A 1890 photocrom[1] postcard showing the “Rattenfängerhaus” (Rat–Catcher’s House) in Hameln, a German town of the Lower-Saxony well known for the legend about a rat–catcher hired by the city council to lure rats away with his magic pipe. The Reinassance stone facade dates from 1602, but the building is actually much older. The picture shows the adjacent “Street without Music” (Bungelosenstraße) with a view of buildings that no longer stand today. The house is named after an inscription on the building wich states that the facts of the “pied piper” would be take places in 1284.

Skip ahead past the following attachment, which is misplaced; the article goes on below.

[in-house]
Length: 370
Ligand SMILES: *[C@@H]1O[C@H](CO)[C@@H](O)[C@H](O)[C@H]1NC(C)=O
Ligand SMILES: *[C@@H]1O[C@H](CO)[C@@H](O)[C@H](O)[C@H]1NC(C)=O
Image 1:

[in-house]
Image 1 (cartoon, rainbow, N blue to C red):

Anno 1284 am dage Johannis et Pauli war der 26. juni — Dorch einen piper mit allerley farve bekledet gewesen CXXX kinder verledet binnen Hameln geboren — to calvarie bei den koppen verloren.

«In the year 1284 on the day of John and Paul (Saints) on 26th June 130 children born in Hamelin were led away by a piper in many colours to their Calvary near the Koppen, and lost.»
What really happened in 1284 remains a mystery.

(Commons)

  1. [1]Photographic-based chromolithography

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